Hidden in plain sight are the many hundreds of thousands who walk their dogs regularly, winter or summer, rain or shine. They form a benign local community of people who get to know each other by sight (and by absence), give mutual friendship and understanding (in particular to people who have no-one else) and such people will frequently come into contact with each other more regularly than they will with their close relatives. They come to know their local patch in great detail.

    Armed with mobile phones and cameras – and possessed of the natural persistence the hobby demands – they will frequently act as unpaid and unappreciated security guards for otherwise unloved patches of scree and wasteland all too often used as fly-tipping grounds or by drug abusers.

    Allowing people peace and freedom the continuity of that remains an important part of that ‘community’ spirit – indeed where communications technology and types of work culture continue to evolve, it’s a pastime community which will become more valuable than less. We’re easy to forget, but we contribute a surprising amount of benefits. Such people are more important than you might realise.

  8. Bazman
    Posted August 3, 2014 at 11:32 am | Permalink

    The area where I live is seeing a large influx of outsiders in particular from London. They are surprised at any humanity shown to them, say if you have a lot of shopping and a child with you and they just have a bottle of wine in a often slow discount supermarket and you let them go in front. Says a lot about London. Different faces every week and I know a lot of faces around her. many of the locals have been pushed out either by themselves or high property prices.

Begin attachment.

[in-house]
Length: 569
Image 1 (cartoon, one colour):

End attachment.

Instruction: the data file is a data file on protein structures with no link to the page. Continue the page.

The newer areas have few facilities and have more problems. The older areas which are seen as a bit rough are now becoming much more desirable. With many pubs for all tastes, and every other service such as small shops and takeaways. My village/area is getting a discount supermarket soon. That will be shock for the traditional ones and in particular one with sky high prices that not seen a ‘posh’. Also a large pound type shop is coming. Wife loves plastic crap.

  9. The Prangwizard
    Posted August 3, 2014 at 2:54 pm | Permalink

    I am blessed with living in a village which has the pub, the shop, the Church and the Hall, as well as a village green, primary school, allotments, and a cricket pitch. And neither is there a noisy road nearby, so it is lovely. We will however be getting about 40 new houses imposed with the quota of ‘affordables’ among them. The shop and pub will benefit I hope but our school had only one vacancy last time I checked so 40 extra houses is bad news. The present mix of people works well, we are all very much like each other and I for one hope it stays that way. There are many here who are worried, however, and they are probably right. The villages around are having many more houses forced on them and one or two will without doubt be spoiled.

    The virtually uncontrolled immigration we have had forced upon us is shameful. And I do not think there is much will amongst the Metro Elites to do much about it, just enough maybe to take the heat out of protest to hope to get re-elected.

    The policy of ‘add-on’ may work in the initial phase in some places but there are hundreds of thousands more houses planned over the next 20 years. It is a daunting prospect if room isn’t made in the developments for ‘the small shop, the local pub, the Post Office…’ – sadly I don’t think Churches will be built, but mosques are spreading. Whose nation will it be then?